In a systematic review in The Lancet Global Health, Ph.D.-student Camilla Grøver Aukrust and colleagues have studied the causes of hydrocephalus in African children.
“Hydrocephalus is a disease that affects children, and which we know can lead to serious cognitive issues or death,” says Camilla Grøver Aukrust, nurse and Ph.D. research fellow at the Department of Community Medicine and Global Health at the University of Oslo.
In a new study, Aukrust and colleagues have mapped the causes of and diagnostic methods for hydrocephalus in children under the age of 18 from Africa. Being able to identify the causes of the disease is crucial to prevent hydrocephalus.
“We wanted to study two things, the main reason why children get hydrocephalus and the methods used to diagnose the disease,” Aukrust says. “The study is the result of the pandemic. I was supposed to go on fieldwork on March 13, 2020, but I did not. So I decided to do a systematic review.”
Infections are the main cause of hydrocephalus in African children
“Children with hydrocephalus get too much brain fluid in their heads, causing the heads of the smallest children to grow. This gives the characteristic, large heads, which are often associated with the disease,” Aukrust says. Other symptoms can be that the children become irritable and do not feed properly.
About 400,000 children in the world get hydrocephalus every year. Around half of these are from Africa, where the disease is considered a public health problem.
“Our study shows that infections are the main cause of hydrocephalus in African children,” Aukrust says. In Norway, the U.S. and other Western countries, however, the most common cause of hydrocephalus is cerebral hemorrhage in premature children.
“We also found more cases of post-infectious hydrocephalus in low-income countries, and in the countries closest to the equator.”
This suggests that there are several non-biological and non-medical causes of hydrocephalus that contribute to the uneven distribution of the disease worldwide, which it is important to trace in order to improve treatment offered for the disease.
“This also shows that it can be useful to introduce targeted measures in affected areas, to prevent hydrocephalus,” Aukrust says.
Neurosurgery is the only treatment for hydrocephalus
“The neurosurgical services offered are limited in large parts of Africa, leading to children receiving late and inadequate treatment,” Aukrust says. Without treatment, hydrocephalus can lead to neurological damage, which can affect the quality of life or be fatal.
“In theory, hydrocephalus caused by infections can be prevented and treated with antibiotics. That would be great, because neurosurgery and treatment can be demanding and complicated, and lead to lifelong treatment,” Aukrust says. It is common for the patients having to go through several rounds of surgical treatment.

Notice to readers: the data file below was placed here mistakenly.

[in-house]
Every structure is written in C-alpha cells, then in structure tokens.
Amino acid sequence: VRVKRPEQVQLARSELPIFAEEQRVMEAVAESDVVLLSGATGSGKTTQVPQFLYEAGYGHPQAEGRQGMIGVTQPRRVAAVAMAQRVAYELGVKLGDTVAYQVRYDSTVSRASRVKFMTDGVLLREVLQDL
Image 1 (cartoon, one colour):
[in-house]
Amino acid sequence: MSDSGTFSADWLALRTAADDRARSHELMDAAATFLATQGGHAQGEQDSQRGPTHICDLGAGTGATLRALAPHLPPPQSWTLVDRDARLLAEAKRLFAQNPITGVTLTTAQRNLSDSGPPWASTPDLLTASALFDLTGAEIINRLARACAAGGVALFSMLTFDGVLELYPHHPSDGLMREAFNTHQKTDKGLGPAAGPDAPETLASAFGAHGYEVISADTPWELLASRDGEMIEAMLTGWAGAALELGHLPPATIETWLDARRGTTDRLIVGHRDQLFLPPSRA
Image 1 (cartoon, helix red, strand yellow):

“It is important to introduce measures to improve the health of both mothers and children, so that the mother do not get infections during pregnancy or after birth, which in turn can lead to hydrocephalus in children,” Aukrust explains.
Researchers want to find viruses and bacteria that cause hydrocephalus
“Today, researchers are working on finding pathogens, bacteria or viruses, that causes hydrocephalus,” Aukrust says.
Recently, researchers at a hospital in Mbale, Uganda, have found a pathogen, which they believe causes hydrocephalus in children at the center. Aukrust explains that the cause of the disease may be other viruses or bacteria in other African countries.
“If we don’t know what causes hydrocephalus or how the children become infected, it is difficult to prevent,” Aukrust says. Preventive measures in low-income areas with many cases of hydrocephalus will help reduce serious brain injuries caused by the disease, as seen in Western countries.
A systematic, interdisciplinary review
The study involved an interdisciplinary, systematic review, that consisted of a literature review and a meta-analysis.
Working with Aukrust on the study were professor and senior consultant neurosurgeon Per Kristian Eide at UiO, Anne Henriette Paulsen, doctor and Ph.D. from Sjåk, Enoch Ogbonnaya Uche, professor of neurosurgery at the University of Nigeria, neurosurgeon Patrick Djona Kamalo from Queen Elizabeth Central Hospital in Malawi, Heidi Fjeld, professor and medical anthropologist at UiO, biostatistician Irene Sandven at Oslo University Hospital, and librarian Hilde Strømme at the Medical Library at UiO.
By the help of a librarian from UiO, the researchers did a wide literature search, without any restrictions on year or country in Africa.
“We did a broad literature search, without limitations on time or language, and included 38 studies, from 18 African countries with a total of around 6,500 children. Several studies were published in African journals,” Aukrust says.
The researchers ranked the methodological quality of the included studies from low to high quality. The quality studies showed a higher frequency of the post-infectious form of hydrocephalus. This may indicate that these studies are better at capturing this form of hydrocephalus.
“In a large proportion of the studies, the cause of hydrocephalus was not known. This shows that we need better and more studies on the topic,” Aukrust concludes.
In the same issue of The Lancet Global Health, the results of the study are praised by Dr. Benjamin C. Warf from Harvard Medical School and Boston Children’s Hospital, who writes that the study shows that post-infectious hydrocephalus in newborns is a condition of poverty, but also a condition that can be prevented and treated.